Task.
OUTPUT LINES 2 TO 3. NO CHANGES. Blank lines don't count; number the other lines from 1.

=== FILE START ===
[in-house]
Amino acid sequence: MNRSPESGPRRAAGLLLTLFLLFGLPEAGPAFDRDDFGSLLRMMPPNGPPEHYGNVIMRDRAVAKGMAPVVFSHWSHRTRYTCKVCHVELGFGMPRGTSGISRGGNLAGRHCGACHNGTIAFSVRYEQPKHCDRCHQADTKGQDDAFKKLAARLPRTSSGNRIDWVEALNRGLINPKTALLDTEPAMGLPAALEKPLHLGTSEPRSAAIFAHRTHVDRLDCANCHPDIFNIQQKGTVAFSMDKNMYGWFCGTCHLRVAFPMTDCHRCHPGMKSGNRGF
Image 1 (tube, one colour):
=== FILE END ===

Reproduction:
Amino acid sequence: MNRSPESGPRRAAGLLLTLFLLFGLPEAGPAFDRDDFGSLLRMMPPNGPPEHYGNVIMRDRAVAKGMAPVVFSHWSHRTRYTCKVCHVELGFGMPRGTSGISRGGNLAGRHCGACHNGTIAFSVRYEQPKHCDRCHQADTKGQDDAFKKLAARLPRTSSGNRIDWVEALNRGLINPKTALLDTEPAMGLPAALEKPLHLGTSEPRSAAIFAHRTHVDRLDCANCHPDIFNIQQKGTVAFSMDKNMYGWFCGTCHLRVAFPMTDCHRCHPGMKSGNRGF
Image 1 (tube, one colour):